6. 6. social link in the propagation of sentiments shared by two his personal thoughts (i.e., statement tweet) on the Domino’s connected users. That is to say, the users that tweeted about incident two times and retweeted another user’s tweet once, the Domino’s Pizza incident had similar sentiments, whether than he is categorized as the retweet interaction group. they were linked to each other or not. Figure 4 shows the sentiment scores of the first tweet and Note that our finding does not deny the high level of the last tweet of users in a given interaction group. Compar- assortativity observed in the everyday mood of social net- ing the first tweet and the last tweet for each user, we found work users, where researchers found that happy or unhappy that the overall negative sentiment decreased with repeated people form clusters in the offline contact network (Fowler, interaction. In contrast, the positive sentiment increased J.H. and Christakis 2008) as well as in the online counter- slightly with repeated interaction. Users who only posted part (Bollen et al. 2011). Our finding rather supports that statement tweets showed the least variations in their moods while there might be a great level of homophily in the gen- over time compared to those who interacted with others. eral mood of users who are connected in social networks, the collective sentiments on a particular topic are strikingly in tune with one another regardless of social distance. For instance, people would collectively feel sad towards disas- ters like an earthquake. In the case of Domino’s Pizza, most people felt disgusted watching the prank video; hence, their sentiments were similar irrespective of social distance. Interacted Users Next, we examined the various types of user interactions on Twitter such as retweets and mentions to determine whether tweet sentiments are affected by user in- teractions. Figure 3 shows the level of positive and negative (a) Positive sentiment (b) Negative sentiment sentiments among different interaction groups. According to the results of analysis of variance, the tweets that were Figure 4: Sentiment difference by repeated interactions retweeted had more negative sentiment words compared to tweets without any interaction (called “statement” in the fig- ure) tweets (p<.05). That is, as the tweet introducing the Qualitative Analysis of Twitter Conversations prank video was retweeted on Twitter, people added more In addition to the quantitative content analysis using LIWC, negative comments in their retweets. we conducted a qualitative content analysis. Qualitative While retweets had more negative sentiments than the analysis focuses on the meaning of the content, provid- statement tweets, mentions had more positive sentiments ing a thick description rather than quantification of the than the statement tweets did (p<.05). This contrast is worth data (Geertz 1973). noticing because it means that when people converse with Computerized quantitative content analysis has pre- others about bad news, their choice of words are much more structured content categories, and it can deal with mass con- positive than when they simply forward the same piece of tent data. In qualitative analysis, the coding scheme is devel- information to others. oped during the analysis, but the size of the data is limited. While quantitative analysis can provide a big picture, qual- itative analysis can give a detailed picture of the data. No pre-structured coding categories were used. Instead, open 8 8 q coding was used so that relevant categories could emerge.Sentiment Score Sentiment Score 6 6 q q Open coding is the part of analysis that pertains specifically 4 4 q q to the naming and categorizing of phenomena through close examination of the data (Strauss and Corbin 1990). 2 2 q q q Methods We sampled a total of 860 Twitter conversations 0 0 statement mention retweet statement mention retweet from two peak times: 395 from 3:00–4:00, April, 15th, when Tweet Type Tweet Type the video prank by the employees spread, and 465 from (a) Positive sentiment (b) Negative sentiment 20:00–21:00, April, 16th, when the Domino’s President re- leased an apology video in YouTube. Figure 3: Sentiment difference by user interactions Through continuous review of the data, we excluded tweets irrelevant to the 2009 Domino’s crisis. Some tweets For detailed analysis, we selected those users who posted in this category were written in non-English and therefore, at least three and no more than five tweets on the event and thrown out. A tweet like “I heart Lotus Domino!” also is classified them into the following four groups: (1) statement irrelevant, because it refers to IBM’s software product. An- group, if a user only posted statement tweets; (2) retweet other example is “picking up Dominos for the fam. Wife group, if a user posted at least one retweet; (3) mention called it in. Pepperoni for the kids; &Ham ; Pineapple for group, if a user posted at least one mention tweet; and (4) the grown-ups.” It is about Domino’s Pizza, but is not re- both group, if a user posted at least one retweet and one men- lated to the crisis (in fact, the user may not know about the tion tweet, respectively. For example, if a user posted about crisis). Furthermore, tweets like “Domino Pizza Time” were
  7. 7. excluded because of their ambiguity in whether they refer to The 1st peak The 2nd peakthe crisis or not. From the 860 tweets, 117 tweets (53 from Facts 57 (16.7%) 160 (39.9%)the 1st peak and 64 from the 2nd peak) were considered as Positive opinions 2 (0.6%) 22 (5.5%)irrelevant and thus, excluded. Negative opinions 283 (82.8%) 219 (54.6%) Total 342 (100%) 401 (100%)Results We identified two types of tweet content: factsand opinions. Tweets on facts have no sentiments, but sim- Table 4: Tweets on facts versus opinionsply state the event. This category included mere links with-out any text, links with the same headline of the linked web-site, or simple introductions of the link. Examples are: 1. Future intent: Some users showed that in the future they “Shared: Dominos Pranksters Done In By Crowdsourc- will not to eat at Domino’s, for example, ing: Teens have long used YouTube to post videos of “No more Domino’s at my house” them..” “and I don’t think I will be eating Domino’s again... “Searched Twitter for dominos: *throw up in my mouth*.”” 2. Persuasion: Some recommended others not to eat at “See the video:” Domino’s, for example,During the 1st peak (right after the launch of the prank “This Is Why You Never Eat Dominos Pizzavideo), 57 out of the 342 relevant tweets (16.7%) were cate-”gorized as facts, while in the 2nd peak (right after the launchof the apology video), 160 out of the 401 relevant tweets “If you didn’t have a reason to not eat Domino’s(39.9%) were facts. pizza” The opinions category contained tweets that had either 3. Perception: Some tweets confirmed people’s past nega-positive or negative sentiments. Because of the nature of tive purchase intent towards Domino’s, such as,the event, most opinions were negative. However, a few had “This is why I don’t eat anything from Domino’spositive sentiments towards the crisis: pizza” “Yes, I read the stories about Dominoes on Con- sumerist today. No, that didn’t stop me from just or- “@TheDLC Due to their disgusting pizza, I also dering a philly cheesesteak pizza.” haven’t eaten at Domino’s pizza in about 20 years. Thanks for confirming my decision!” “RT @BillieGee RT @berniebay I will continue to eat at Domino’s Pizza. What about you?” “Thankfully, due to its psycho anti-abortion founder, I haven’t eaten a Domino’s pizza in probably 20Some tweets had both positive and negative sentiments, in years.”which case the annotator questioned what the major senti-ment was and then categorized the tweet. For example, the We counted the negative purchase intent in two peaks. Itfollowing tweet shows regret in the end. Nevertheless, the significantly dropped from the 1st peak with 129 tweetstweet was categorized as positive because its major senti- (37.7%) to the 2nd peak with 26 tweets (6.5%).ment was judged to be positive. Finally, our analysis confirmed that not all tweets men- “liking the response by dominos... wish he would have tioning the CEO’s apology had a positive sentiment. A total looked at the camera tho” of 71 tweets (17.7%) talked about the apology, out of which 34 of them (47.9%) exhibited negative sentiments, such as We make the following observations from Table 4. First,after the official corporate apology, the level of negative sen- “Too little too late Domino’s”timents dropped from 82.8% to 54.6%. However, the level “Very insincere response from Domino’s -of positive sentiments increased marginally from 0.6% to Compare to Jet Blue’s very5.5%. In crisis management practice, when companies pub- sincere response 2 yrs ago -”licly apologize, they do not have high expectations for re- and ten tweets (14.1%) were positive, for example,ceiving praise or suddenly being viewed positively. Rather,they expect the public’s negative sentiment to calm down “via @hollisthomases kudos toand become more rational because of the apology. Our anal- Dominos for taking swift action via social media in re-ysis confirms this expectation. The number of factual tweets sponse to the nasty employee videos.”increased significantly from 16.7% to 39.9%. Therefore, “Impressed w/ Domino’s Response RT @lon-in Domino’s case, the public apology reduced the amount niehodge:RT @SherryinAL: Dominos posts apologyof negative opinions and increased (neutral) facts in Twitter video on YouTube”conversations. When a crisis like this hits a company, they worry not only while 27 tweets (38%) were factual rather than being opin-about its reputation damage but also and probably more im- ionated, such asportantly about its impact on sales. In fact, during the first “Razor Report Blog: Update - Domino’s Responds:peak, a category on negative purchase intent emerged con- Patrick Doyle, President, Domino’s U.S.A., resp..taining the following three representative types of opinions:”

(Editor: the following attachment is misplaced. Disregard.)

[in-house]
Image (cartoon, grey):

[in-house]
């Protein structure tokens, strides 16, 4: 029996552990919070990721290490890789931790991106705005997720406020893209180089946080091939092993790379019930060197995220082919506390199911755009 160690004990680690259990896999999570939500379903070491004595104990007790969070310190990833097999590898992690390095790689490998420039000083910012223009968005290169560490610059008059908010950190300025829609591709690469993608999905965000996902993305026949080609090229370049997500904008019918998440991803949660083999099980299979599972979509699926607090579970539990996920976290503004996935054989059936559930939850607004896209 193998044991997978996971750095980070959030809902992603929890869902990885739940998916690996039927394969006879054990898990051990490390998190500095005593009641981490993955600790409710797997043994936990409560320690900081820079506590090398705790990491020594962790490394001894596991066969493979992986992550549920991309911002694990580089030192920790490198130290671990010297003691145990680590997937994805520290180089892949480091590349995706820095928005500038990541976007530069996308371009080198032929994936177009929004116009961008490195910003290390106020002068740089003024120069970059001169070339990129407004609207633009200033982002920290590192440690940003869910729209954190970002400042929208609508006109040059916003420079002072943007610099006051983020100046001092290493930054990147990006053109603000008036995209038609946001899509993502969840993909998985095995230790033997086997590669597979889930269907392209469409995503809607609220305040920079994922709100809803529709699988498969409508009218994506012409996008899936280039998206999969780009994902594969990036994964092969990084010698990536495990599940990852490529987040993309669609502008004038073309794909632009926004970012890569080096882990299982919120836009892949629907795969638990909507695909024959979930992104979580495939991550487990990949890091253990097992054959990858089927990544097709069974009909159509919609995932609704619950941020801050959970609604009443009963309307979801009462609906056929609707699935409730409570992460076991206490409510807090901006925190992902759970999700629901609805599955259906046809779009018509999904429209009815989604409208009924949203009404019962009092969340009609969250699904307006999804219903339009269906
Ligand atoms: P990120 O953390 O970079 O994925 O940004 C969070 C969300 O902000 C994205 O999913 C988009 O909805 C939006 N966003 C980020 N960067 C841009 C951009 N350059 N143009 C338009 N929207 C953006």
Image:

8. 8. “For the PR agencies to analize, Domino’s official re- References sponse to the video” 2012. ABC News Papa John’s Employee Calls Woman ‘Lady Chinky Eyes’ on Receipt. is interesting to observe that nearly half of the tweets on An, S.-K., and Cheng, I.-H. 2010. Crisis communication researchapology were negative. Nonetheless, slightly more than half in public relations journals: Tracking research trends over thirtyof such tweets, including facts (38%) or positive opinions years, in The handbook of crisis comm. Handbooks in Comm. and(14.1%), were non-negative. Media. Wiley-Blackwell. Blackshaw, P. 2008. Satisfied Customers Tell Three Friends, Angry Conclusion Customers Tell 3,000. Crown Business. Bollen, J.; Goncalves, B.; Ruan, G.; and Mao, H. 2011. HappinessWhen bad news spread, we could not find any statistically is Assortative in Online Social Networks. Artificial Life 17(3):237–meaningful influence of sentiments taking place at the so- 251.cial network level. However, when users interacted with Bollen, J.; Mao, H.; and Zeng, X.-J. 2011. Twitter mood predictseach other, their sentiments changed significantly. People the stock market. J. Comput. Science 2(1):1–8.spread and retweeted bad news with negative sentiment, but Cha, M.; Haddadi, H.; Benevenuto, F.; and Gummadi, K. 2010.interacted with other through mentions with relatively pos- Measuring User Influence in Twitter: The Million Follower Fal-itive sentiment. We provide one possible explanation for lacy. In Int. AAAI Conf. on Weblogs and Social Media (ICWSM).this result. As people interact with others in social media, Coombs, W. T., . H. S. J. 2008. Comparing apology to equivalentthey share their feelings and this act could reduce the nega- crisis response strategies: clarifying apology’s role and value intive sentiments. For example, it is well known in psychol- crisis comm. Public Relations Review 34:252–257.ogy that people’s anger could be reduced by simply venting Efthimious, G. 2010. Regaining Altitude: A case analysis of thetheir sentiments (Frantz and Bennigson 2005). Also, bad JetBlue Airways Valentine’s Day 2007 crisis, in The handbook ofnews spread faster than a corporate response (i.e., apology) crisis comm. Handbooks in Comm. and Media. Wiley-Blackwell.and by more people, while commentaries resonated in the Fowler, J.H., and Christakis, N. 2008. Dynamic spread of happi-network for a longer period of time. From our qualitative ness in a large social network: Longitudinal analysis over 20 yearsanalysis, the negative purchase intent emerged as a major in the framlington heart study. British Medical Journal 337:a2338.negative sentiment category. The CEO’s YouTube apology Frantz, C., and Bennigson, C. 2005. Better late than early: Thecaused a significant decrease in negative sentiments, espe- influence of timing on apology effectiveness. Journal of Experi-cially the negative purchase intent, and facilitated factual mental Social Psychology 41(2):201–207.and non-opinionated conversations. Geertz, C. 1973. The interpretation of cultures: selected essays. Our study has practical implications for crisis managers in Harper colophon books. Basic Books.businesses. First, when a company makes a mistake and bad Golder, S. A., and Macy, M. W. 2011. Diurnal and seasonal moodnews starts to spread in social media, crisis managers should vary with work, sleep, and daylength across diverse cultures. Sci-react quickly, admitting mistakes and apologizing appro- ence 333(6051):1878–1881.priately. Several recent work confirmed the positive effect HCD Research 2007. Majority of Americans Will Continue to Pur-of CEO’s apologies in social media, Twitter and YouTube, chase Mattel Toys after Recall. in the US and in Korea (HCD b; Efthimious 2010; HCD Research 2009. Domino’s Brand Takes a Hit after YouTubePark et al. 2011). Second, companies should start conver- “Prank” Video. in social media during normal times, not just after Jin, Y., and Pang, A. 2010. Future directions of crisis communi-a crisis hits the organizations. Third, considering the speed cation research: Emotions in crisis - the next frontier in The hand-at which bad news spreads, companies should prepare to re- book of crisis comm. Handbooks in Comm. and Media. Wiley- Blackwell.spond within hours, not within days. Park, J.; Kim, H.; Cha, M.; and Jeong, J. 2011. Ceo’s apology in There are several exciting directions for future research. twitter: A case study of the fake beef labeling incident by e-mart.First, our methodology could not capture any subtle changes In SocInfo, volume 6984 of Lecture Notes in Computer Science,in sentiments of individuals, because an automated analyses 300–303. Springer.tool like LIWC operates based on simple word counts. As Strauss, A., and Corbin, J. 1990. Basics of qualitative research:we have demonstrated, a cross examination of both quan- Grounded theory procedures and techniques. Sage Publications.titative and qualitative analyses can provide a big and in- Talbot, D. 2011. A social media decoder. MIT Technology reviewdepth picture. Second, our investigation focused on only 44– event. Other bad news cases can be analyzed using the Tausczik, Y. R., and Pennebaker, J. W. 2010. The Psychologicalresearch framework of this study to identify commonalities Meaning of Words: LIWC and Computerized Text Analysis Meth-and differences in the spread of bad news. ods. Journal of Language and Social Psychology 29(1):24–54. Tumasjan, A.; O.Sprenger, T.; G.Sander, P.; and M.Welpe, I. 2010. Acknowledgement Predicting elections with twitter: What 140 characters reveal about political sentiment. In Int. AAAI Conf. on Weblogs and Social Me- Meeyoung Cha and Jaram Park were supported by Basic dia (ICWSM).Science Research Program through the National Research Wu, S.; Tan, C.; Kleinberg, J.; and Macy, M. 2011. Does bad newsFoundation (NRF) of Korea, funded by the Ministry of Ed- go away faster? In Int. AAAI Conf. on Weblogs and Social Mediaucation, Science and Technology (2011-0012988). (ICWSM).